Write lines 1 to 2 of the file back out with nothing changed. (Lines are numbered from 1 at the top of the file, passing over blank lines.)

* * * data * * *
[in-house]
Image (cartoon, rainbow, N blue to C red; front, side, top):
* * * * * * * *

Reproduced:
[in-house]
Image (cartoon, rainbow, N blue to C red; front, side, top):